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The effect pf diary foods on CHD: a systematic review of prospective cohort studies

Gibson, Robert A, Makrides, Maria, Smithers, Lisa G, Voevodin, Melanie and Sinclair, Andrew J 2009, The effect pf diary foods on CHD: a systematic review of prospective cohort studies, British journal of nutrition, vol. 2009, pp. 1-9, doi: 10.1017/S0007114509371664.

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Title The effect pf diary foods on CHD: a systematic review of prospective cohort studies
Author(s) Gibson, Robert A
Makrides, Maria
Smithers, Lisa G
Voevodin, Melanie
Sinclair, Andrew J
Journal name British journal of nutrition
Volume number 2009
Start page 1
End page 9
Total pages 9
Publisher Cambridge University Press
Place of publication Cambridge, England
Publication date 2009-08-17
ISSN 0007-1145
Keyword(s) dairy foods
myocardial infarction
systematic reviews
Summary There is interest in the degree to which fats in dairy foods contribute to CHD. We undertook a systematic review to investigate the effect of dairy  consumption on CHD using prospective cohort studies. A systematic search of electronic databases identified studies relating dairy food intake in adulthood to episodes or death from CHD, IHD and myocardial infarction. Included studies were assessed for quality based on study methodology, validity of dietary assessment, success of follow-up, standardised  assessment of CHD, IHD or myocardial infarction end points and  appropriateness of statistical adjustment. Data from twelve cohorts involving >280 000 subjects were included. Most studies had follow-up of >80 %, adjusted statistically for three or more confounders and used standard criteria to determine end points. About half the studies used a validated FFQ, administered the FFQ more than once or had follow-up of >20 years. Fewer than half the studies involved subjects representative of the general population. Four of the twelve cohorts found no association between dairy intake and CHD. Eight studies reported varying relationships between different dairy foods and CHD or differential associations based on race, sex or over time. Although dairy foods contribute to the SFA composition of the diet, this systematic review could find no consistent evidence that dairy food consumption is associated with a higher risk of CHD. This could be due to the limited sensitivity of the dietary assessment methods to detect an effect of a single food in a mixed diet on complex clinical outcomes.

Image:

Language eng
DOI 10.1017/S0007114509371664
Field of Research 110107 Metabolic Medicine
Socio Economic Objective 970110 Expanding Knowledge in Technology
HERDC Research category C1 Refereed article in a scholarly journal
HERDC collection year 2009
Copyright notice ©2009, The Authors
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Document type: Journal Article
Collection: School of Exercise and Nutrition Sciences
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Created: Wed, 30 Sep 2009, 10:14:35 EST by Deborah Wittahatchy

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